This isn’t as hard-hitting as The Hustler and doesn’t have the intense relationships that made that film so highly regarded. Cruise’s character comes across as an immature child (I think that’s the point) but it doesn’t make for a story that is as interesting to watch as the first film. He doesn’t have the same sort of chemistry with Newman as those in the first film had. I was never really a fan of Mary Elizabeth Mastrantonio but she’s good in this (and was also Oscar-nominated, unlike Cruise) and there’s some decent sexual tension between her & Newman.

The first half of the movie, which focuses on Cruise & Mastrantonio teaming up with Newman, was missing something due to this lack of chemistry between our male leads (and also due to me knowing that the first movie was so strong on its focus on human interaction). However, the second half does pick up as Newman’s character goes on a journey of self-discovery type of thing and he starts to feel more like the complex & somewhat broken “Fast Eddie” from The Hustler. I did enjoy this movie overall and liked revisiting Newman’s character. And it’s reminded me once again that I have to seek out more of Paul Newman’s work. Especially his older films… What a hunk.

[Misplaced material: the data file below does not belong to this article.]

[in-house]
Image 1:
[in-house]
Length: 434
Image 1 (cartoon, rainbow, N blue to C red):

Oh yeah – and I had to keep reminding myself that this was a Martin Scorsese movie so I’ve now added another one to my list of Scorsese films seen. I’ve already done My Top Ten Martin Scorsese Movies (list HERE) and The Color Of Money would break into my Top Ten (probably at, hmm… 8 or 9).

My Rating: 7/10

Oh, shit! I totally forgot to add that Iggy Pop has a small role in this! That was an awesome surprise. Check him out:

Also, I’ve know for years that Eric Clapton’s It’s In The Way That You Use It was in this since it had one of those videos with clips from the movie. Here you go! I’m not a big fan of solo Clapton but I like this song okay:

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The Big Lebowski (1998) IMDB Top 250 Guest Review

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Today’s IMDB Top 250 Guest Review comes from Mark of Marked Movies. He also reviewed Heat (HERE) and Argo (HERE). Thanks for all the reviews, Mark! 🙂 Now let’s hear his thoughts on The Big Lebowski, IMDB rank 131 out of 250…